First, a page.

We water our gardens with a huge aerobic water system which cleans our sewer water just like we have at our house in Belton, Texas. I would imagine it is the only aerobic sewer system in Tanzania!

A few years ago we had a wedding at Neema Village. Rhiannon and Austin met as volunteers at Neema, fell in love here and later decided to come back to Neema to get married. It was one of the most fun days we have ever had in Africa! And instead of wedding gifts their guests bought a bio gas system for Neema.

 Two of our houses on campus now cook with methane gas from cow pooh! Our vet, Dr. Ben described how that bio-gas system worked to some of the A & M students

Dr. Ben takes care of our big Holstein milk cows and Missy our little Jersey cow who gives us butter. Did you know that cows do not have top teeth? Only bottom teeth and if you grind their food they live longer! Interesting huh!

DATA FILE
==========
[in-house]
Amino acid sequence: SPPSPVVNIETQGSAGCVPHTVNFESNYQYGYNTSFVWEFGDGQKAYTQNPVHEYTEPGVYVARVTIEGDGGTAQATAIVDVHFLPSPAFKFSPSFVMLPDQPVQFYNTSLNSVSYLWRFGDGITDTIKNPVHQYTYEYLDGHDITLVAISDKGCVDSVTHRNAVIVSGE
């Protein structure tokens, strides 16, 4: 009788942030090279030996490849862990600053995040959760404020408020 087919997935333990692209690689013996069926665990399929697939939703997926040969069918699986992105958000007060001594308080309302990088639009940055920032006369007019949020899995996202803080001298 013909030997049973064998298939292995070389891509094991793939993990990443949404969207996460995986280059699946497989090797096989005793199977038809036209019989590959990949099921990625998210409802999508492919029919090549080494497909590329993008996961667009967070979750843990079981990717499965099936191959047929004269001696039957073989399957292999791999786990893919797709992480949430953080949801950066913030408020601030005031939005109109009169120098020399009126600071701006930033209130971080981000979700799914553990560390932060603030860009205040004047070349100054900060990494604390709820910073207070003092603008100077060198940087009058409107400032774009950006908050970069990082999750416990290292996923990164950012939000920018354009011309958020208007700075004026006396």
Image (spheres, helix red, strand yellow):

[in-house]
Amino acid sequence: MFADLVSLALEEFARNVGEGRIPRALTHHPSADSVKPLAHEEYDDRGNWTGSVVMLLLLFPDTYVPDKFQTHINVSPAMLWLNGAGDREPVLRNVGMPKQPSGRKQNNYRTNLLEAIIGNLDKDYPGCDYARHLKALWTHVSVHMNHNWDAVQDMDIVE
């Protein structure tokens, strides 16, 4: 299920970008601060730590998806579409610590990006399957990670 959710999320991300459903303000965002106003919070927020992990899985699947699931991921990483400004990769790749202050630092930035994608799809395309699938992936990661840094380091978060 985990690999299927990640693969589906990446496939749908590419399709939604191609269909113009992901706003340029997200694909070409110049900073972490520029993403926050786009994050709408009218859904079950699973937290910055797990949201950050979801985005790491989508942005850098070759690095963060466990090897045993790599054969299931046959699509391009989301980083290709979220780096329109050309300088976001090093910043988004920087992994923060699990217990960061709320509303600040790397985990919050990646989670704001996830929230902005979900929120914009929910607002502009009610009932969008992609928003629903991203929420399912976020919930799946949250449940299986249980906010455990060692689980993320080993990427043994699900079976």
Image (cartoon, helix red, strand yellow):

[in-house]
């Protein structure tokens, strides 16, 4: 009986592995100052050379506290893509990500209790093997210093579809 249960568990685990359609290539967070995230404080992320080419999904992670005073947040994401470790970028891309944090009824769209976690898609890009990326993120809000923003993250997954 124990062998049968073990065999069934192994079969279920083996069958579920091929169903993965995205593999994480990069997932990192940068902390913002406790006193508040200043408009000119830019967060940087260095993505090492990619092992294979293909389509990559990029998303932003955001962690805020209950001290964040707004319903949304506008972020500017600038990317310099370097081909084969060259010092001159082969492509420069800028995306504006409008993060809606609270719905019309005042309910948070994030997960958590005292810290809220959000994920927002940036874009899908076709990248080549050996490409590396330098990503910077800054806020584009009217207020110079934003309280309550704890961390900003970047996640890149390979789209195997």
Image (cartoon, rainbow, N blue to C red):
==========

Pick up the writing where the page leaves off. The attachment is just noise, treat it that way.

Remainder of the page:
Ben also showed the students our Rhode Island Reds who feed us about 80 to 100 eggs a day. And with 150 baby chicks raised every six weeks for meat we can supply the campus with fresh chicken at a much-reduced price from buying chicken in the stores.

The seven Aggie guys taught a men’s bible class at lunch, the students met with the MAP moms to encourage them, they sang with the nannies at night after the babies were all asleep and they played soccer with the local village boys. They had some time for fun at the local Maasai markets and toured a Maasai village and danced with the Maasai.

You can’t come to Africa and not see the animals so they took a day and toured the closest game park, Tarangire. The elephants will occasionally come right up to your car in that game park.